Today is the birthday of Charles Darwin. To me, Charles Darwin embodies the ideals of a scientist and a humanist. I grew up in a household which did not believe in the evolution of life forms over time through natural selection. The world was close to 6000 years old and we were approaching the end of the world. The eminent destruction of the world as I knew it had a troubling effect on my being.
I was 13 years old when I first heard of the Theory of Natural Selection and was amazed and excited by this new finding. When I asked about it, the answers I received were unsatisfactory. As I learned about chemistry, radiation energy, and the structure of atoms I began to realize that the stories I grew up with had some serious holes. After a while, I stopped asking those around me and took to reading textbooks I checked out of the public library near my house. In those teenage years, I learned not to believe in an idea just because someone said it was true, but to investigate, analyze, hypothesize, and interrogate life until I was satisfied that the data explained my observations through an order set of laws. These principles were what drove me to return to school to pursue science as a life long passion.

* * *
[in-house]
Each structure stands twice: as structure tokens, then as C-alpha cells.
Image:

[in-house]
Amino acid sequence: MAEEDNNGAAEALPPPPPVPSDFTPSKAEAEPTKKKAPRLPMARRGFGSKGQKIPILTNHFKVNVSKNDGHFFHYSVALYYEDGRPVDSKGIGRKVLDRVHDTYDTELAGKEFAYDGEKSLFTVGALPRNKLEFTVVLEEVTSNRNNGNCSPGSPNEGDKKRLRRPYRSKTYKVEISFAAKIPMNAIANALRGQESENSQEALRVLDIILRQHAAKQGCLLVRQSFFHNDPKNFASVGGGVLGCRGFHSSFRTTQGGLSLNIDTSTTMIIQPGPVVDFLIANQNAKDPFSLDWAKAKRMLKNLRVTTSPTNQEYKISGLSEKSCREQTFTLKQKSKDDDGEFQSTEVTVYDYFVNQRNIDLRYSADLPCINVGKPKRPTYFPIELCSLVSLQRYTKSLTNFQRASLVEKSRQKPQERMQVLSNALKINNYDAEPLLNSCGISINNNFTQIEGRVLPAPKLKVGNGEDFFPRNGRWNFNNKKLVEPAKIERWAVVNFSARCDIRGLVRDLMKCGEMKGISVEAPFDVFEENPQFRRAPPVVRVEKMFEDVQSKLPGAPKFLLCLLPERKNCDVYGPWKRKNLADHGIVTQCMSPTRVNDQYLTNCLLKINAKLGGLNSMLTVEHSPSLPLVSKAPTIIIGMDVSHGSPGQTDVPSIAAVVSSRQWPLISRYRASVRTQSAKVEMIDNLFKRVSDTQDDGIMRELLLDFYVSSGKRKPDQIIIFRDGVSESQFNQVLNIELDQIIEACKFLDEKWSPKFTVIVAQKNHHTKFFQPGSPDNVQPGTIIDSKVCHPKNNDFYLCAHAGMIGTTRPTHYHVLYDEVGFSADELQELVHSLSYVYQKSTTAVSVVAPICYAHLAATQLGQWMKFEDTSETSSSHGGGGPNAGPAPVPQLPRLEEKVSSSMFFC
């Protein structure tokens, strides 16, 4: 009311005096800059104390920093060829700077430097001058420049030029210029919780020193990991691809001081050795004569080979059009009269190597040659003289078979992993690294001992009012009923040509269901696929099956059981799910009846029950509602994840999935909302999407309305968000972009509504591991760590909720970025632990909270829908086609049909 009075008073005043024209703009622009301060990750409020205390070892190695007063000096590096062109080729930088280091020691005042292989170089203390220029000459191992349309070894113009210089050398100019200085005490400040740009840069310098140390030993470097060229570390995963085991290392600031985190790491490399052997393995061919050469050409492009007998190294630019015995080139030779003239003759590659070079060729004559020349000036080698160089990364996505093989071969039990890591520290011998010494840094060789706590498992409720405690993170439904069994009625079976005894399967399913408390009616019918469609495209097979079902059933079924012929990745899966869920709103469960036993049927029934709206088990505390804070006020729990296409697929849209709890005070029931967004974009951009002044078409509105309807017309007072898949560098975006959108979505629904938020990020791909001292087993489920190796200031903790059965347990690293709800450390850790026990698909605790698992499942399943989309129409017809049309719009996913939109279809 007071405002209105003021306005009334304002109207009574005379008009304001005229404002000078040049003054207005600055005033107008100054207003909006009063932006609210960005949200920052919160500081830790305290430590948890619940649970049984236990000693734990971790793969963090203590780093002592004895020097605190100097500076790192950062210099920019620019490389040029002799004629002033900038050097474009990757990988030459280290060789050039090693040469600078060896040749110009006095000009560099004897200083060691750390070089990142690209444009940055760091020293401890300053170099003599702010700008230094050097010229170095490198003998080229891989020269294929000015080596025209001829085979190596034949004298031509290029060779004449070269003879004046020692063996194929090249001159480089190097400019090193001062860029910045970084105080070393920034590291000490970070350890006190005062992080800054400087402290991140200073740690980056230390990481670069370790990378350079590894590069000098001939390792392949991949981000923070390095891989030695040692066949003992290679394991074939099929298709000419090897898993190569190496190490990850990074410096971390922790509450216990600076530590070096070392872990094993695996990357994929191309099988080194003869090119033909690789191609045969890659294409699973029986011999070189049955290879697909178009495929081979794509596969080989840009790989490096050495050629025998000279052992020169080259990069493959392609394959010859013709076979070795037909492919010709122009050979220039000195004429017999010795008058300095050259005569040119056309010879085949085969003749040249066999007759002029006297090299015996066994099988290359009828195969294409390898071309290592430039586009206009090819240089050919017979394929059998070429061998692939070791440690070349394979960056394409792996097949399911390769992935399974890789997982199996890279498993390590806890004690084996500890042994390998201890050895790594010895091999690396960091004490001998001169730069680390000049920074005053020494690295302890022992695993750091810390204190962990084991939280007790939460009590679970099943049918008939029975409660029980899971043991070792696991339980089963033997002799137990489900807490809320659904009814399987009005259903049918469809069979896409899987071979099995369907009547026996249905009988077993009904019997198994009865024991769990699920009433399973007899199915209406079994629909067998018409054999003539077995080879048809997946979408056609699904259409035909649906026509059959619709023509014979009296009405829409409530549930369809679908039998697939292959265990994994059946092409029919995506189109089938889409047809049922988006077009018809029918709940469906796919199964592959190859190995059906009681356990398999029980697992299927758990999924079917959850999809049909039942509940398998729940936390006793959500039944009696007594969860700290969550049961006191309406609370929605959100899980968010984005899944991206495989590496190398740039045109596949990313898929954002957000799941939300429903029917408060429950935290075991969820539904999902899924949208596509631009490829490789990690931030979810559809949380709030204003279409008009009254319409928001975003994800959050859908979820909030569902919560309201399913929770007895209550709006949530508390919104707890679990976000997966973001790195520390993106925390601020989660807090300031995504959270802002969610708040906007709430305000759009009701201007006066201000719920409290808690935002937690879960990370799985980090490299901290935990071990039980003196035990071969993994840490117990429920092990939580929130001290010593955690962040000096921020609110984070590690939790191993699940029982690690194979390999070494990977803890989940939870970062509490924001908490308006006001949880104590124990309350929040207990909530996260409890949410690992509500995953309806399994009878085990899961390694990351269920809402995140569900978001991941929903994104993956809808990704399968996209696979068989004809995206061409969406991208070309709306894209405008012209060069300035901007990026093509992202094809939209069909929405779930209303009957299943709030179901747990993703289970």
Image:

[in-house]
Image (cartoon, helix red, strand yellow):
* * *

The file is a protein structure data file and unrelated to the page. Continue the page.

To negate the existence of evolutionary forces which drive the selection of traits which allow a species to survive environmental stresses is a self defeating position to hold. To deny the environmental forces which drive the theory of evolution is akin to denying the forces driving the theory of gravity. We see the results of evolution every time we ride a horse, take our dogs for walks in the part, and read about how a pathogenic organism has developed resistance to the most current drug regimens.
I hope that you celebrate Darwin Day with me and stop for a moment sometime during the day to appreciate the life and contributions of this great renaissance man.